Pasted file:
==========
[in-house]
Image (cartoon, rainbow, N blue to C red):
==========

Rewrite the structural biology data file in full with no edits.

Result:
[in-house]
Image (cartoon, rainbow, N blue to C red):